New UK Transport Secretary: You’ve got mail

Anne-Marie Trevelyan - UK Parliament official portraits 2017UK Parliament official portraits

With national events overtaking the cabinet reshuffle, the new UK transport secretary has still to have an appointed rail minister join her team at the Department for Transport. However, Anne-Marie Trevelyan is already a week into her cabinet post following Grant Shapps’s removal from the government’s front benches. When she returns to her desk, there will already be plenty of industry correspondence addressed to her.

Never mind the railway; there has been a high-speed revolving door at 33 Horseferry Road. Trevelyan is the thirteenth-appointed transport secretary, and the road lobby has already encouraged her to pursue several projects. However, with the mandated policy of the government to reduce carbon to net zero by 2050, there’s a conflicting necessity to reduce road transport emissions. That is something the rail lobby has been quick to grasp.

Few friends but effective

Representing the supply chain in the rail industry and having their members’ vested interests at heart, the Railway Industry Association (RIA) has welcomed the new Secretary of State for Transport to her post. This comes days after RIA published its ‘six asks‘ for the new prime minister’s reshuffled government.

Being escorted off the premises. Network Rail chair Peter Hendy (left) and former transport secretary Grant Shapps

The outgoing secretary, Grant Shapps, may have won few friends in his term of office, but that did not mean he was ineffectual. The RIA has reminded the new incumbent that there is an act to follow. “We wish the Secretary of State well in her new role”, says their statement to her. “We’d also like to pay tribute to the outgoing Secretary of State and the Rail Minister and wish Grant Shapps and Wendy Morton, respectively, all the very best for the future”.

Constituency rail connections

Like all other serving ministers of state, even including the prime minister, Anne-Marie Trevelyan is an elected representative within a constituency of the parliament. In her case, she represents Berwick, in the very northeast of England. While just above the limit of the Ashington project (to reinstate passenger services on that freight-only line), her constituency is bounded on one side by the East Coast Main Line.

With her constituency office in Alnwick, she is familiar with the campaign to reconnect the town to the network by way of the four-mile (6.4km) branch from Alnmouth. Perhaps one day, that ambition may be realised, and a northern extension of the Ashington and Blyth project would have a new terminus.

A cup, not of good cheer

What Trevelyan achieves, and how long she is given to achieve it, is influenced in no small measure by the relationship she develops with the rail industry and the rail unions. In the latter case, she somewhat inherits a chalice, not so much poisoned as to be overflowing with venom. The rail union RMT, behind the biggest and most bitter of the disputes in the industry, has written to the new transport secretary, urging her to take a new approach to the rail dispute.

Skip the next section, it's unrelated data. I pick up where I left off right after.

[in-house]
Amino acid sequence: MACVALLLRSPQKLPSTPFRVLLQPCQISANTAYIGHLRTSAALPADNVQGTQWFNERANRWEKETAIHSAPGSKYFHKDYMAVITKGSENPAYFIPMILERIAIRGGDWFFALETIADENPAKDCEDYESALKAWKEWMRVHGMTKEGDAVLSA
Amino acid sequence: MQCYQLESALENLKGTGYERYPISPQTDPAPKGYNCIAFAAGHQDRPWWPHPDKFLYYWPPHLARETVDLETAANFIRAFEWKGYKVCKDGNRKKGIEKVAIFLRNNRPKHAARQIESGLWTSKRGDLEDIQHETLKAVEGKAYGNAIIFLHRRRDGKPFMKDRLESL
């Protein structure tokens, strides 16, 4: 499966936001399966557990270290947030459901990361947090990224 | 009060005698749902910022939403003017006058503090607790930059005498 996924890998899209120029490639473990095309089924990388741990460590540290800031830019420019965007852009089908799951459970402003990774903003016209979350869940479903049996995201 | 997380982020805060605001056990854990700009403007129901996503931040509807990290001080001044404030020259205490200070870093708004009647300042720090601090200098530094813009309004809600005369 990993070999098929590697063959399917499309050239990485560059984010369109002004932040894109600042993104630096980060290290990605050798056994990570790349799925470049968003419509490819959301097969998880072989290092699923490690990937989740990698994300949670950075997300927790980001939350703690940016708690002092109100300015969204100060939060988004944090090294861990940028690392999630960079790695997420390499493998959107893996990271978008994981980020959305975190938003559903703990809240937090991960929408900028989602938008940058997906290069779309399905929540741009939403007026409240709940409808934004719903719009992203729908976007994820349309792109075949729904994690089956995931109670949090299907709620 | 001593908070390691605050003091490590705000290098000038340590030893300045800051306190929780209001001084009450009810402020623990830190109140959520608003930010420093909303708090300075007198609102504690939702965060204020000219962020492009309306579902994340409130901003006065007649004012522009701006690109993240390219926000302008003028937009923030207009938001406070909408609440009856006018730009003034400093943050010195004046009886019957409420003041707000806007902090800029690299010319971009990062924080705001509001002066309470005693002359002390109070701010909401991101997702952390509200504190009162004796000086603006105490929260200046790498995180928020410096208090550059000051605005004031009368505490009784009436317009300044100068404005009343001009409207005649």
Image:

Like almost all other issues of contention, the rail disputes have been put on hold while the nation deals with the tumult surrounding the change of monarch. The RMT, however, hopes it may have better relations with Ms Trevelyan than it enjoyed with Mr Shapps. The union notes that she is already on record as opposing ticket office closures in her constituency – a source of discontent elsewhere in the rail industry. In particular, notes the RMT, in November last year, the Berwick member of parliament held talks with the government’s own rail operating company on the East Coast Main Line (branded LNER) in a bid to reverse its proposals to cut hours at Berwick Railway Station’s Travel Centre.

Union encouraged by stance of the new transport secretary

In a letter to the secretary, RMT general secretary Mick Lynch said that the union was encouraged by the stance taken by the new transport secretary to save rail ticket offices, staffing and services in her own constituency. “I would urge you to continue this approach as Secretary of State”, he wrote.” There is clearly now the opportunity for a new approach from the government to facilitate discussions between the RMT and the employers.”

Lynch wants the train companies and Network Rail to be given more flexibility to secure a deal. The RMT was due to take strike action on 15 and 17 September in a bid to secure a negotiated settlement to the ongoing national rail dispute. That action has now been suspended in the light of the death of Queen Elizabeth.

Author: Simon Walton

Simon Walton is RailFreight's UK correspondent.

2 comments op “New UK Transport Secretary: You’ve got mail”

bönström bönström|14.09.22|00:17

Industry and Unions, a pair of spoiled, indeed mature childs, now have to prove grown up!
“Cemented”, at the mercy of “parents”, as currently, is not sustainable!
Except of a few, including producers of on road trucks…, majority, owners, tax payers, now have to call for the Shift, to a New Old Railway!
Subsidies shall not be permanent!
Other devices, by air, by sea etc. upgrade, for lower costs. So has the railways to – and quality pays!

Peter Stanton|18.09.22|11:07

Perhaps if road users paid their full infrastructure costs (Armitage report Circa 1980) then the railway would be on a level footing. Frank Cousins stopped Beeching undertaking his review of road costs as the TGWU might not have liked the answer!!

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